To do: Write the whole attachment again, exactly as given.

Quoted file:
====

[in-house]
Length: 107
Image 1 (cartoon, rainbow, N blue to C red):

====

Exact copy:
[in-house]
Length: 107
Image 1 (cartoon, rainbow, N blue to C red):